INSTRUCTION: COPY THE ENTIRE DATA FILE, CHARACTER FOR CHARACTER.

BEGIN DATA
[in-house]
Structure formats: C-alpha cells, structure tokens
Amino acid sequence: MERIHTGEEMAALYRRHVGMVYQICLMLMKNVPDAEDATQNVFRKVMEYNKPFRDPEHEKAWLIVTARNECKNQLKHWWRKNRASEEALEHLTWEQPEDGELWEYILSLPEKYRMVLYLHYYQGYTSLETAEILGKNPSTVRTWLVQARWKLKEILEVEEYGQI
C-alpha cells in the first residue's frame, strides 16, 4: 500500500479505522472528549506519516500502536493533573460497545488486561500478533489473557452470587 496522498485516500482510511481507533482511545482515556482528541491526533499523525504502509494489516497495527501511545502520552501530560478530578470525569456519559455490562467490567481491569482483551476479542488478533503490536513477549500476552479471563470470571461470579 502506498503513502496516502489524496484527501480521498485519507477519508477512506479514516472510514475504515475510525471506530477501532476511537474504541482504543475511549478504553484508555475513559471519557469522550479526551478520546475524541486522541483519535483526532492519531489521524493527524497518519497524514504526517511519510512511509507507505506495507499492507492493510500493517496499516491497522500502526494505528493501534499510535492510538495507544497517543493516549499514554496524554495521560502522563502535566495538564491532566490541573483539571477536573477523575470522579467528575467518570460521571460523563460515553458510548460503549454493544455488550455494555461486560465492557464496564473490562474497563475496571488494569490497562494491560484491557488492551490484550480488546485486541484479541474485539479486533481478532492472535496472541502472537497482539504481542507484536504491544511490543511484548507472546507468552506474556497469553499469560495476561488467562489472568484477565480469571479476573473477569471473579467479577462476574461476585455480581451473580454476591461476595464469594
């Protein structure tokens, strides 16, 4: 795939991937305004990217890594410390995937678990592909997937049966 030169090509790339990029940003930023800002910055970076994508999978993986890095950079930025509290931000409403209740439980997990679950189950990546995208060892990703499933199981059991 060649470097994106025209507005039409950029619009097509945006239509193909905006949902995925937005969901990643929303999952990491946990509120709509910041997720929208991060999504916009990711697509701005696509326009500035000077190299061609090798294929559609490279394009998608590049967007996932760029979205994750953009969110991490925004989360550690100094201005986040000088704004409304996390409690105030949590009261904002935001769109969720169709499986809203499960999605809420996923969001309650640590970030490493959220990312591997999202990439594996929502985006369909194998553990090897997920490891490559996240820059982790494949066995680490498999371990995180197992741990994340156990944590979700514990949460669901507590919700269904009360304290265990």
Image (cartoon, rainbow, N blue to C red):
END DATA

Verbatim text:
[in-house]
Structure formats: C-alpha cells, structure tokens
Amino acid sequence: MERIHTGEEMAALYRRHVGMVYQICLMLMKNVPDAEDATQNVFRKVMEYNKPFRDPEHEKAWLIVTARNECKNQLKHWWRKNRASEEALEHLTWEQPEDGELWEYILSLPEKYRMVLYLHYYQGYTSLETAEILGKNPSTVRTWLVQARWKLKEILEVEEYGQI
C-alpha cells in the first residue's frame, strides 16, 4: 500500500479505522472528549506519516500502536493533573460497545488486561500478533489473557452470587 496522498485516500482510511481507533482511545482515556482528541491526533499523525504502509494489516497495527501511545502520552501530560478530578470525569456519559455490562467490567481491569482483551476479542488478533503490536513477549500476552479471563470470571461470579 502506498503513502496516502489524496484527501480521498485519507477519508477512506479514516472510514475504515475510525471506530477501532476511537474504541482504543475511549478504553484508555475513559471519557469522550479526551478520546475524541486522541483519535483526532492519531489521524493527524497518519497524514504526517511519510512511509507507505506495507499492507492493510500493517496499516491497522500502526494505528493501534499510535492510538495507544497517543493516549499514554496524554495521560502522563502535566495538564491532566490541573483539571477536573477523575470522579467528575467518570460521571460523563460515553458510548460503549454493544455488550455494555461486560465492557464496564473490562474497563475496571488494569490497562494491560484491557488492551490484550480488546485486541484479541474485539479486533481478532492472535496472541502472537497482539504481542507484536504491544511490543511484548507472546507468552506474556497469553499469560495476561488467562489472568484477565480469571479476573473477569471473579467479577462476574461476585455480581451473580454476591461476595464469594
């Protein structure tokens, strides 16, 4: 795939991937305004990217890594410390995937678990592909997937049966 030169090509790339990029940003930023800002910055970076994508999978993986890095950079930025509290931000409403209740439980997990679950189950990546995208060892990703499933199981059991 060649470097994106025209507005039409950029619009097509945006239509193909905006949902995925937005969901990643929303999952990491946990509120709509910041997720929208991060999504916009990711697509701005696509326009500035000077190299061609090798294929559609490279394009998608590049967007996932760029979205994750953009969110991490925004989360550690100094201005986040000088704004409304996390409690105030949590009261904002935001769109969720169709499986809203499960999605809420996923969001309650640590970030490493959220990312591997999202990439594996929502985006369909194998553990090897997920490891490559996240820059982790494949066995680490498999371990995180197992741990994340156990944590979700514990949460669901507590919700269904009360304290265990």
Image (cartoon, rainbow, N blue to C red):